Regional Cancer Center ~ Erie, PA

Learn About Ovarian Cancer

Sep 30, 2014 | Posted in News

Ovarian Cancer Now Linked To Obesity

In March 2014, the American Institute for Cancer Research officially added ovarian cancer to the list of cancers linked to excess weight.

This represents the first time that AICR, which focuses on the roles of diet, physical activity and weight in cancer risk, has judged the evidence on ovarian cancer strong enough to include it to AICR’s educational efforts.

What Are Ovarian Cancer’s Risk Factors?

  1. Family History: Having members of your immediate family with a history of ovarian or breast cancer places you at higher risk.
  2. Inherited Risk: Women who inherit mutations on the BRCA1 and BRCA2 genes, as well as genes linked to conditions like hereditary nonpolyposis colorectal cancer (HNPCC) and Lynch syndrome, are at higher risk for ovarian cancer.
  3. Age: Most cases are diagnosed in women over 55.
  4. Overweight/Obesity: Carrying excess body fat contributes to ovarian cancer risk.
  5. Adult Attained Height: Women taller than 5 feet, 8 inches are at higher risk for ovarian cancer than shorter women.
  6. Other Factors: According to the National Cancer Institute, other risk factors for ovarian cancer risk include use of estrogen-only hormone replacement therapy (HRT), fertility drugs and talc.

How Common Is Ovarian Cancer?

In the US, approximately 22,240 women are diagnosed with ovarian cancer every year. It is the 9th most common cancer in women, and the 4th deadliest, killing over 14,000 women annually. It has the lowest survival rate of all female cancers.

To Lower Your Risk for Ovarian Cancer:

  1. If you smoke, stop. If you don’t, never start.
  2. Make everyday choices that will help you stay at or get to your healthy weight.
  3. Find your healthy weight a Body Mass Index (BMI) Calculator.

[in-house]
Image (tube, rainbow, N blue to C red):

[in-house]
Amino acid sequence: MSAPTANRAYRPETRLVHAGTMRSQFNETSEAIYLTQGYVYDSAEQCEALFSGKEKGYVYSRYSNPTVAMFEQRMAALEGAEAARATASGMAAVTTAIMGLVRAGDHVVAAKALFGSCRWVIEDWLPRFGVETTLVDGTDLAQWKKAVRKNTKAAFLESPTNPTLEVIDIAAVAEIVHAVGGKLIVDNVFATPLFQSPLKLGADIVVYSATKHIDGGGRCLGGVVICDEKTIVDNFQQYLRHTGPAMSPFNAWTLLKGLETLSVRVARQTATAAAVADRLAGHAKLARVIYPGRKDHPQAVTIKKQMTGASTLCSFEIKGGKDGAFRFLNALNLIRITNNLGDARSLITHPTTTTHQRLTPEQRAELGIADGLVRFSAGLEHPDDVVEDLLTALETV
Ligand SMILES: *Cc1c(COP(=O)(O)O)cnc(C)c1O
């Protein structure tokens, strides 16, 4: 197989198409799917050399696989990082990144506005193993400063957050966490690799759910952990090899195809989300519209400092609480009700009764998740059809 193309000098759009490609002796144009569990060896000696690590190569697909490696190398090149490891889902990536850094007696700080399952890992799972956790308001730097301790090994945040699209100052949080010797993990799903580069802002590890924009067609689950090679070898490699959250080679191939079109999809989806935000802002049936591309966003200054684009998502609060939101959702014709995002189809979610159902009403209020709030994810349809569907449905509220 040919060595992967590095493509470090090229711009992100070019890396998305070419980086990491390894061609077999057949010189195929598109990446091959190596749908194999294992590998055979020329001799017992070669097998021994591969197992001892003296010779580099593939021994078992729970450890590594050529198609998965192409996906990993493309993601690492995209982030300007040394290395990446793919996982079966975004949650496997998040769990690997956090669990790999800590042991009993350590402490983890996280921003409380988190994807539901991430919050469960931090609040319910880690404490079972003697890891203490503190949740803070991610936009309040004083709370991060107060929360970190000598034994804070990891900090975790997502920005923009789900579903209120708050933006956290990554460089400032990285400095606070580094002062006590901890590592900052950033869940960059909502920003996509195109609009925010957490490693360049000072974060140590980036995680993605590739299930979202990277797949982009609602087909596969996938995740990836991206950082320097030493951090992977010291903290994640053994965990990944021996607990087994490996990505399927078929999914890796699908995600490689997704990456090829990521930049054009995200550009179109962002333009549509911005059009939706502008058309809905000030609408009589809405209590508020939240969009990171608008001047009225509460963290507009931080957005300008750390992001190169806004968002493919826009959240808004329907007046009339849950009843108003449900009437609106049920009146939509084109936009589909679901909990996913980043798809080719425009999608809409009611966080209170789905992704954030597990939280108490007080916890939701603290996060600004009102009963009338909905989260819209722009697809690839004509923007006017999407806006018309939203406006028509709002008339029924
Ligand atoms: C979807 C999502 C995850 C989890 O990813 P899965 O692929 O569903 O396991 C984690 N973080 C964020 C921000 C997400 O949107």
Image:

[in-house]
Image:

Once you know your BMI, start moving more and eating well help you achieve your healthy weight.

Move More

Aim to get your body up and moving for at least 30 minutes every day. Try anything that:

  1. Makes your heart beat faster
  2. Makes you breathe more deeply
  3. You already enjoy doing

Eat Well

Get More:

  • Vegetables - Choose non-starchy ones like tomatoes, leafy greens, peppers and carrots; strong evidence links garlic to lower kidney cancer risk.
  • Fruit - Go for whole fruits more often, whether fresh or frozen. Because it's calorie-dense, limit even 100% fruit juice to 1 cup per day.
  • Whole Grains - Whole wheat bread, brown rice, quinoa and oatmeal are just a few great choices.
  • Beans - Add pinto, kidney, black, garbanzos and more to soups, salads and stews.

Sugary Drinks

  • Regular sodas, lemonade and sweet tea add calories without filling you up.
  • Red meat like beef, pork and lamb
    • These foods tend to be calorie-dense (and raise risk for esophageal cancer too).
  • Processed meat
    • Processed meat like hot dogs, cold cuts, bacon and sausage are often high in calories and also increase risk for esophageal cancer.

A good rule of thumb: Always fill at least 2/3 of your plate with plant foods, and let animal foods (meat and dairy) take up the rest.

Article from American Institute for Cancer Research

content management, website design, e-commerce and web development services in Erie, Pennsylvania